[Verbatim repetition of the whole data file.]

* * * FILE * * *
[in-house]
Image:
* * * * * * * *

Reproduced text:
[in-house]
Image: